I really felt like someone had slapped me in the face with the softest and most exquisite of all anxiety relieving gifts. I don't need to have the innate desire to stay at home and raise children in order to be a good parent. This can be hard for me without meaning that it's something I shouldn't be doing. And it can be easy for someone else and not as easy for me. Just because Purslane and Knox are my children does not mean that I am specifically endowed with the ability to gracefully parent them seven days a week. I am a good mother when I accept that I need support in order to parent well.

I trained and studied for a long time to become a nurse and now am good at it, very good at it. Walking in the door of the hospital makes me feel confident, in control and stimulated. I love what I do professionally and I am constantly learning and developing my skills to become an even better nurse. I have seven years of experience to fall back on when faced with new situations and very rarely feel out of control.

There is nothing about parenting that guarantees control. There is the illusion and the crapshoot and the old school tradition, but at the end of the day every parent does the best he/she can to walk beside their individual child and help them become productive members of society, gracious and loving human beings, and in our case, make sure Purslane and Knox know without a doubt that God loves them and so do we.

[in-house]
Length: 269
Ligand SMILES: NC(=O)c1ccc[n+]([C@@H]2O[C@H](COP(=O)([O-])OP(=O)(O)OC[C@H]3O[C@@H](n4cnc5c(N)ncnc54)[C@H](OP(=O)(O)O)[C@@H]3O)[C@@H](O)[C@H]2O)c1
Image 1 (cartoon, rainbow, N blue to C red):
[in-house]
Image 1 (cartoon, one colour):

And I love it, I do. I don't feel like it even needs to be said that I cherish the years I have to be their first teacher. No one, even Grant, knows them like I do and that is a gift. But recognizing there are elements of parenting that I will have to learn instead of be naturally good at is important.

In my previous blog post, I raised the question to myself of whether I wouldn't be a better Mother if I were working full time. Lots of women make this choice and are successful in both arenas. But the bottom line for me is that I chose to stay home and work very part time. This is my choice and I need to stop second guessing it. What I need to do is figure out what support I need in order to be a stay at home Mom. Some parents have the capacity to spend all day every day with their children and that makes them feel the same way I feel when I am in my scrubs at the bedside.

But me? I need time away. I need time alone with Grant. I need help cleaning my house. I need to sleep in the upstairs bedroom some nights when Pursy's sleepwalking into our bed is keeping me from getting a full night's sleep. I need older women in my life to give me advice. I need to always be reading a book. I need sex on a regular basis. I need beer dates with friends where we talk about how lucky we are to have the lives we do.

I am a college educated woman who is trained and gifted to do a particular job and made the decision to do something else. So I need to do it and there is too much at stake not to do it well. Any support you can offer me and have been holding out on, let's have it.

Because the beautiful thing is, after a few hours to nourish my soul (and my belly), I could not wait to see my husband and children. I made the right choice.

I captured the exact moment a peaceful wagon ride turned into a dump truck analogy.